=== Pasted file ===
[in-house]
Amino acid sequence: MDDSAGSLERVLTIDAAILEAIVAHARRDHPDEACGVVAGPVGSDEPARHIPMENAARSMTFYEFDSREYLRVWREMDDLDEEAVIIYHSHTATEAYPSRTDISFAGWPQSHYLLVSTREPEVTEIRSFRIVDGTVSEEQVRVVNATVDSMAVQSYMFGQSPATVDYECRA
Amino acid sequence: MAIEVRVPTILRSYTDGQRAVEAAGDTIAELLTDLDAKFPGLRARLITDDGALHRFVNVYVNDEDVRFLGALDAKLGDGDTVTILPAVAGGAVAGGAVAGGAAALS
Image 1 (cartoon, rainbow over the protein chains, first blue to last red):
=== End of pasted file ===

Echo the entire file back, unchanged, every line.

[in-house]
Amino acid sequence: MDDSAGSLERVLTIDAAILEAIVAHARRDHPDEACGVVAGPVGSDEPARHIPMENAARSMTFYEFDSREYLRVWREMDDLDEEAVIIYHSHTATEAYPSRTDISFAGWPQSHYLLVSTREPEVTEIRSFRIVDGTVSEEQVRVVNATVDSMAVQSYMFGQSPATVDYECRA
Amino acid sequence: MAIEVRVPTILRSYTDGQRAVEAAGDTIAELLTDLDAKFPGLRARLITDDGALHRFVNVYVNDEDVRFLGALDAKLGDGDTVTILPAVAGGAVAGGAVAGGAAALS
Image 1 (cartoon, rainbow over the protein chains, first blue to last red):